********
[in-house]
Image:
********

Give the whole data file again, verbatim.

[in-house]
Image: